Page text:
Mr. Vandeventer was an early-day acquaintance of Winfield. Eight years or more ago he came here buying the Cliff Wood farm, north of town, now Island Park Place, and later purchasing the A. D. Speed tract, now Highland Park. Three years ago he returned to Indiana, to reside, and in the last year disposed of all his property here.

                                                 CORRECT EVERY TIME.

Winfield Courier, Thursday, April 1, 1886.

When W. P. Hackney, the eminent legal light of Winfield, don’t know what he is talking about, there’s no longer a prophet in Israel. When he don’t come out on top, there’s no summit to the machine. A few days ago he was at Sedan on business, and being in a crowd, someone of the number stated in a loud tone that Cedarvale, Elgin, etc., would not get a railroad in a year from that time, and offered to bet any sum to that effect. Hackney instantly replied to this challenge by offering to bet $500 that Cedarvale and Elgin would have I. & S. W. by January 1st, 1887. Of course, he of the loud voice subside. W. P. is the last man in the world to bluff, and in this case he knows whereof he speaks. Thanks, Senator, for so boldly offering a wager in our behalf. Cedarvale Star.


Winfield Courier, Thursday, April 1, 1886.

Hannah Overly made second annual settlement as administratrix of the estate of William Overly, deceased.

Winfield Courier, Thursday, April 1, 1886.

Wm. Hattery made 5th annual settlement as guardian of Ansel J., O. H., W. H. C., and W. R. Barrett, minors.

                                                          HE GETS BAIL!

                           A. B. Elliott’s Examination for the Murder of Chastain.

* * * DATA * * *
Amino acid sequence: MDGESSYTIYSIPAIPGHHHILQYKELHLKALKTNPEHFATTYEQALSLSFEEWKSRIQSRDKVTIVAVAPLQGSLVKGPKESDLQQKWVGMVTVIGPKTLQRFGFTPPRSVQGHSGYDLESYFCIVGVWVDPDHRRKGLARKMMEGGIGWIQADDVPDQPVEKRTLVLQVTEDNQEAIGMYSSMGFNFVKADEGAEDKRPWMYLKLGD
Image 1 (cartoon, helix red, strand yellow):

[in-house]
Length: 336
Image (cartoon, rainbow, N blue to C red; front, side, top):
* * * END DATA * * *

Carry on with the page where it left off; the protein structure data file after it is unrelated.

Released on $10,000.00 Bail, Elliott Returns Home ’Mid Happier Family and

                                                       Satisfied Neighbors.

                                               Love, Romance, and Tragedy.

                    Sworn History of the Latest Homicide in the Annals of Cowley!

Winfield Courier, Thursday, April 1, 1886.

The preliminary examination, before Judge Buckman, of Alfred B. Elliott for the murder of Wilborn M. Chastain, at Dexter, on the 22nd, closed at five o’clock last evening. The defendant was granted bail in the sum of $10,000, which was promptly given. The court room was thronged with anxious listeners. The interest was intense and when the case was declared bailable, signs of approbation were noticeable all around.

The examination of Alfred B. Elliott for the murder of Wilborn M. Chastain was begun Tuesday at 10 o’clock at the courthouse before Judge Buckman. The court room was crowded, Dexter being over en masse. Next to the defendant sat his wife; near her was Mrs. Rev. Elliott, from Missouri. Laura Elliott, of Torrance, a niece, and William Moses, a son-in-law, included the relatives present. Mr. Elliott listened to the testimony attentively and without the least nervous agitation visible. County Attorneys Swarts & Webb conducted the prosecution and Judge McDonald, Henry E. Asp, and James McDermott represented the defense. There was little cross examination. The witnesses sworn were: Lee Richardson, G. M. Hawkins, J. D. Ward, W. H. Culp, J. V. Hines, Joseph Church, G. P. Wagoner, H. L. Wells, L. C. Pattison, Geo. W. Dunlap, Geo. Callison, Frank Ross, and J. B. Nicholson.

                                                            WM. H. CULP

was the first witness called. He was several hundred yards east of the bridge when he saw the smoke of a gun. A man approaching the bridge whirled round to the west as the smoke arose, and instantly fell from his horse. I went to the place at once. It was Dr. Chastain. He was dead. His breast exhibited shot wounds and blood. This was about two o’clock. The horse ran into town, riderless, soon after the body fell to the ground. The body was taken, in a wagon, to G. W. Dunlap’s uptown. I saw nothing of A. B. Elliott till nine o’clock next morning, when he was uptown with the sheriff. Hadn’t seen Chastain and Elliott together for some time before the day of this deed.

                                                         TULLY G. HOYT.